John Walker Lindh
John was the son of a Catholic lawyer and his Catholic wife who lived in Maryland until he was ten, at which time they moved to California. There his mother left the Catholic church for Buddhism, and his father left the family for a homosexual relationship. Little John, a gentle and shy boy, looked for something better than his family to anchor his identity. He found a role model with an assertive masculine identity and strong conviction in Malcolm X. The year his father defected the family John joined a mosque.
In October 2000 John was studying Islam in Yemen, when Al-Queda attacked the USS Cole. John knew it was Islamic radicals because he was amongst them already. That month he went to Pakistan. He trained to fight Hindus in Kashmir, but quit that group, probably because they were more interested in blood than Islam. Instead, he joined the Taliban in Afghanistan, who were building a strict Muslim nation. Because he spoke Arabic and not Pashtu, the Taliban sent John to Al-Queda, where he continued his military training. Al-Queda offered him a choice between soldiering and terror attacks. John chose to fight as a soldier.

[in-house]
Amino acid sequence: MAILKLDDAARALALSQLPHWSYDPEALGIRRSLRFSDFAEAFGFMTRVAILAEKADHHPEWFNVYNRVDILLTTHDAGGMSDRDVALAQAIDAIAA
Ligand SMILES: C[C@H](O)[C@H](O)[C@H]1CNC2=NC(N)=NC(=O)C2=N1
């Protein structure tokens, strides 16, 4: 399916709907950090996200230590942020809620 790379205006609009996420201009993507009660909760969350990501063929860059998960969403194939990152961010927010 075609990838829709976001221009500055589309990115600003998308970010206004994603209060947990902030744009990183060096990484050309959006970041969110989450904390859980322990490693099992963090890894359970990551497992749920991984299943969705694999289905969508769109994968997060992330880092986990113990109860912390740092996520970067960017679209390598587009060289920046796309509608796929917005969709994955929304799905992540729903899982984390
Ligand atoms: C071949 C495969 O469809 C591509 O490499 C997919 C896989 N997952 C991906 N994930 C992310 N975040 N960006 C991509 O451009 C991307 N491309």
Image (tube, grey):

During the post 9-11 US invasion he was captured by Rashid Dostum’s men. John probably knew his Al-Queda comrades were planning to attack the guards. A CIA agent, Mike Spann, was killed in the fight, but the prisoners were defeated. John spent a week hiding in the prison basement standing in icy water with a bullet in his thigh, while the Uzbeks threw grenades down the stairs and US planes bombed surface. After surrender, he was handed over to the US military, who tortured and interrogated him for weeks more. To hide the mistreatment, the courts offered John a deal, 20 years incarceration without parole, which he took.
Young, idealistic and looking for a cause, John was typical Taliban or Al-Queda. Many Al-Queda were juvenile delinquents and petty criminals who knew so little of Islam they had to take classes in the base camps. The religious schools of Pakistan sent thousands of teenage boys to the Taliban to fight in the ranks. When we bombed the enemy lines we probably killed twenty of these well-meaning and easily led boys for every mature man who understood the choices he had made. Armies the world over are ignorant youth, spent on causes beyond their understanding by their elders.